Q: Why haven’t there been more girl heelers historically?

A: Not many girls thought to do it. It’s just like the first person who broke the record on the mile. Years ago, you’d go to the US Finals and see maybe one girl to every 20 boys running around with a rope roping the dummy. That’s changing. You can’t tell me a girl can’t heel, if she’s taught how to do it and works at it like a boy. And it’s not just a strength thing, because there are skinny little boys who can heel. It’s a matter of having the mindset that you can do it.

Jimmi Jo and her main mount John Wayne, who came from NFR heeler Shay Carroll. Courtesy Jimmi Jo Montera

Q: You’re now a #5 header and a #7 heeler. You headed for Kim Grubbs to win the All-Girl Roping at the 2021 NTR Finals at Rancho Rio last spring, with you heading because it was a #10 roping, right?

A: Yes, I head a little bit, when it makes sense. But I like to focus on my heeling. We rope a lot when we’re home, and Rick’s my main spinner. A lot of rodeo guys roll through in the summertime, too, which is fun.

Q: Who has most influenced your roping over the years?

A: I’ve gotten help and pulled from a lot of different guys. I love watching Patrick (Smith) rope. I’ve gotten help from Shay Carroll, Speedy Williams, Bret Beach, and Joseph Harrison helped me when he was here at the house. Colby Lovell and Paul Eaves were here, too, and I got to rope with them. All the top golfers swing a little bit differently, and are built a little bit differently. I enjoy watching Paden Bray rope, because we have a similar body type. I have a passion for watching the best ropers, and trying to figure out how I can do it.

Q: Which women ropers do you look up to most?

A: Lari Dee (Guy) has been such a mainstay over the years. She sets a pretty high standard, just watching her rope and her horsemanship skills. She’s been great for the sport. I really enjoy watching Kelsie Chase (Domer) head, heel and breakaway, too. She’s handy.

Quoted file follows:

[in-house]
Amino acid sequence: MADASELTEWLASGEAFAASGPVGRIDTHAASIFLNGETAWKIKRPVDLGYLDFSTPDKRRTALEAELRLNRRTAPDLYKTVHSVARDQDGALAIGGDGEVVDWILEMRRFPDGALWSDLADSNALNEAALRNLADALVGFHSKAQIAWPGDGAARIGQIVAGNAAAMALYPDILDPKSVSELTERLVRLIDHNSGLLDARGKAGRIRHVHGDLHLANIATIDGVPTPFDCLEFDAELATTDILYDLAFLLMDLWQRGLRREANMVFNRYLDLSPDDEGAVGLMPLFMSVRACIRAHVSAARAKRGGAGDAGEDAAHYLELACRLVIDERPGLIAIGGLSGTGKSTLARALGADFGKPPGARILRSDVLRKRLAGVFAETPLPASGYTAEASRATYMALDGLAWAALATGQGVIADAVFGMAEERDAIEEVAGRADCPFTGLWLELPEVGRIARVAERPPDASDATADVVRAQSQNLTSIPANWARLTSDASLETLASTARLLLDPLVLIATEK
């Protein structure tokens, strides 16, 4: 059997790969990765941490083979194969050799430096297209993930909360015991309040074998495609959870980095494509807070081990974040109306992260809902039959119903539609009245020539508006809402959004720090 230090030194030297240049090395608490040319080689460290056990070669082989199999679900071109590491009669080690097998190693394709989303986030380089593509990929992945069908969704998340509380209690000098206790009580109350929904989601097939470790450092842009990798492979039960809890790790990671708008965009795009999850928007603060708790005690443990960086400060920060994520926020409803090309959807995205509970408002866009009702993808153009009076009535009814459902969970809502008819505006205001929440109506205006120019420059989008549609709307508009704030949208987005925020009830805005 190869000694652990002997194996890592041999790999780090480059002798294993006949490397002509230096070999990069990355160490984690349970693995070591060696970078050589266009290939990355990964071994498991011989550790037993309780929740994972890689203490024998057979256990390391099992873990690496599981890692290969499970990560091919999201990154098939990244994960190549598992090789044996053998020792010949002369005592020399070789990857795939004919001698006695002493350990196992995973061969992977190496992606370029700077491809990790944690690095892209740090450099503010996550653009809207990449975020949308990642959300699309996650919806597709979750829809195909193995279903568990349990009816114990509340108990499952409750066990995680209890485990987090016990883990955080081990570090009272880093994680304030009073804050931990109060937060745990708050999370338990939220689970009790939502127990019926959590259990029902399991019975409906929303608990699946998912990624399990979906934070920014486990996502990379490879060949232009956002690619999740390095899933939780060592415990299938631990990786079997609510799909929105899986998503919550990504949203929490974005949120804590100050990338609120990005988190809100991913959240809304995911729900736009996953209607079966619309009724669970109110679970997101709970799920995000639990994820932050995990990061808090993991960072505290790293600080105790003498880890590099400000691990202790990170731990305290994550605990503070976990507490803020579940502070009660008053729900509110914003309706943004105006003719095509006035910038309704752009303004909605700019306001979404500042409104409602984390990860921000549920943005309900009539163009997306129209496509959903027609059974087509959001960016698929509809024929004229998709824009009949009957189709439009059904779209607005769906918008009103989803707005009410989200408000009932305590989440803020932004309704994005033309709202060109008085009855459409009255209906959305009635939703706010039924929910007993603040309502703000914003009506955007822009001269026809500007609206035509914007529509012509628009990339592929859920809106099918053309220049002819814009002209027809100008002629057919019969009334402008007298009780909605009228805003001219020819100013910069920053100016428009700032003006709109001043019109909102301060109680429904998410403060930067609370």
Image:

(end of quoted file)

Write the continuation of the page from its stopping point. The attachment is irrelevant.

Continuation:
Q: Do you have one heeling hero that stands out?

A: I really enjoy watching Paul. Everything is so smooth, and he makes it look so easy. He just never seems to be out of position. And I love watching Patrick. I watch his DVDs when I do my workout. I watch Patrick so much that when Rick’s in the room, he says, “Anything but Patrick.” Last Christmas (2020), he got me a day of roping with Patrick as my Christmas present. As it turned out, I got to spend a day roping with Patrick, Chad (Masters), Luke (Brown) and Hunter (Koch) right before the Windy Ryon (which Jimmi Jo won with LaRaye Stipes).

Q: What do you consider your career highlight?

A: That last win in Vegas (Jimmi Jo won the team roping heeling for Lari Dee at the World Champions Rodeo Alliance’s $750,000 Women’s Rodeo World Championship last fall at the South Point in Las Vegas), just because it was kind of a goal, and we finished strong.

Q: You won that on your renowned Paint, John Wayne, that you bought from Shay. Is he your #1?

A: I have two #1s—John Wayne and Mr. Kitten. My horses Mr. Kitten, Sally and Powder all came from Larry Rice’s Flag Ranch. His horses are very athletic, and Larry is extremely knowledgeable about breeding and what crosses to produce great rope horses.

Q: Got any team roping goals left?

A: Just to keep getting better, and I really feel like I can. I want to keep improving, and see where else I can get to. I feel like I’m stronger than I was 10 years ago. And I still love it. That’s the cool thing about team roping. There’s a spot for everyone at every stage of life. TRJ